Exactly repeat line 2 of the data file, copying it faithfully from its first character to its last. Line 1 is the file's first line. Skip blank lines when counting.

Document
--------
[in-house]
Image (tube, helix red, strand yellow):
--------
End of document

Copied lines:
Image (tube, helix red, strand yellow):